This blog post is about 3 different methods to extract the decimal part of a Number.

Table of Contents

### TRUNC function to extract the Decimal part of a Number

The **TRUNC **function in Excel truncates a number to the given precision. The formula **=TRUNC(4.159)** will return 4.

The following formula will extract the decimal part of the number in the cell B3.

=B3-TRUNC(B3)

If you are dealing with negative numbers, wrap the above formula with the **ABS **function.

=ABS(B3-TRUNC(B3))

### MOD function to get the Decimal part of a Number

The MOD function in Excel returns the ‘Remainder’ of Division between two numbers.

When a number is divided by 1, the remainder is the decimal part of the number. So, the formula **=MOD(4.159)** will return 4.

The formula given below will extract the decimal part of the number in the cell B3.

=MOD(B3,1)

Note that this formula won’t return the desired result with negative numbers.

But of course, we can make use of the ABS function to overcome this problem.

=MOD(ABS(B3),1)

=ABS(B3-TRUNC(B3))

### Extracting the Decimal part of a Number using Power Query

**Power Query** in Excel also can be used to get the decimal part of a Number.

Select the cells containing data > go to the **Data **tab of the Excel ribbon > click on **From Table/Range**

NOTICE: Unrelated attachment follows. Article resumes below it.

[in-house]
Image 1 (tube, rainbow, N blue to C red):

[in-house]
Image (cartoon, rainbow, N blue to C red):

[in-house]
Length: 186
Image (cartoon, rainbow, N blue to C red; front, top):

If the selected data range is not an official **Excel Table**, we will be prompted to convert the same into an Excel Table.

Click OK and the selected data will be loaded into the **Power Query Editor** of Excel.

Here, we will be using the ‘Modulo’ technique to extract the decimal part. But this technique won’t give the desired results with negative numbers.

So, to convert every number into a positive number,

right-click on the column header of the column containing values > **Transform **> **Absolute Value**

All negative numbers are converted into Positive numbers.

Go to **Transform **tab of the Power Query Editor > **Standard** > **Modulo**

In the **Modulo **dialog, type in 1 and Click OK

The integer part of the numbers are gone and the decimal part remain.

If you want to rename the column, double-click on the column header and type in the new name. Here, I have renamed the column as ‘Decimal Part’.

Now, to load this data into the Excel worksheet,

In the **Home **tab of the Power Query Editor > click on the split button for **Close & Load** > **Close & Load To…**

**Import Data** dialog is activated. Use this dialog to specify the location where you want to insert the output from the Power Query Editor. Here, I have selected the cell E2.

Click on OK and we have the decimal part of the numbers in a separate table.